He says that “in an island country – and Israel is one because it has only one entry gate, Ben-Gurion International Airport – it’s simple: You close down. There wasn’t any great genius here. Neighboring Lebanon and Jordan also had low infection rates, but there they imposed even stricter and more effective lockdowns than we did.”
The next wave
In recent months, security officials have been operating a central control center that has coordinated all the information on the coronavirus. On Tuesday a ceremony transferred responsibility to the Health Ministry; it was reported that 90 people from Military Intelligence will be reassigned to work at the center for the next year and a half.
The experts believe this isn’t enough. The databases are still decentralized among a number of different agencies, it’s not clear if the data is reliable, and there are strict limitations on access to information, so it doesn’t always get sent to the right places. Without closing these gaps, the contact-tracing body won’t be able to do its work properly, the experts say.
Moreover, they say the Health Ministry must appoint a deputy director general to head the unit for emergency situations. The Health Ministry is a regulatory body, not an operative one, so it was stymied by certain aspects of the crisis. An emergency unit will be able to coordinate the day-to-day efforts, make recommendations to the director general and confirm implementation of the decisions.
Waxman says he’s troubled by the reopening of the economy because the steps for dealing with a second wave of the pandemic, if there is one, haven’t been taken. “When there’s a problem with the preparations, the tool that remains is the lockdown,” he says. “If we impose it again, that means we failed in the preparation.”
Bar-Joseph agrees. “I can’t understand the apathy that’s enveloping the system amid the unbearable price of a lockdown if it’s imposed again. Public officials have been telling us that they’ve closed the gaps,” he says.
“But what investigative work has been done since? How did we function during the crisis? Thanks to the measures the state employed, we’ve gained time. We have to take advantage of this. We can’t lose a billion shekels [$285 million] a day again for every day of a lockdown.”
For the first time in weeks, in recent days the number of daily new cases has increased, though it’s still modest. Waxman remains cautiously optimistic.
“Israel is emerging from the crisis as one of the world’s leading countries in dealing with the pandemic, with a big gap between it and most OECD countries. The severe and rapid lockdown made it possible both to stop the spread and return to the routine relatively early. For this, the Health Ministry and the government deserve credit,” he says.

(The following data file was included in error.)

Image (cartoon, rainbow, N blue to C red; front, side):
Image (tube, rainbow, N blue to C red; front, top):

“But it’s not clear to me how the decision-makers haven’t understood that next time a lockdown is only the last resort. I’d be glad to tell you I’m calm, but that’s not the case. In the meantime, we’ve been ringing all the alarm bells.”
The gate that wasn’t closed
Israel was only partially cut off from the rest of the world, because for a long time many flights continued to arrive from the United States. The media provided two explanations for this: the desire to avoid angering the Trump administration and pressure from ultra-Orthodox politicians that allowed in hundreds of ill yeshiva students without sufficient supervision.
A study at Tel Aviv University found that about 70 percent of the infection chains from abroad at the start of the pandemic originated in flights from the United States. Bar-Joseph says the lack of supervision of the American flights was “a disgrace.”
According to Waxman, “We didn’t see any country behaving differently from us and managing to crush the curve. Ninety-five percent of countries behaved the way we did. So should we gamble? There’s no logic to this.
“The pandemic has behaved a similar way in many countries. The rate of the pandemic’s spread when no social-distancing measures were taken was similar: a doubling of the number of sick people every three days .... With significant social-distancing measures, a considerable reduction is achieved in the pandemic’s growth rate. Suppressing the spread – that is, the start of a decline in the number of new people who become sick any given day – is achieved 20 to 30 days after the imposition of a lockdown.”